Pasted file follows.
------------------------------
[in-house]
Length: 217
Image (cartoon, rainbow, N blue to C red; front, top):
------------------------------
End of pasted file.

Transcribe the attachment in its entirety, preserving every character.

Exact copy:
[in-house]
Length: 217
Image (cartoon, rainbow, N blue to C red; front, top):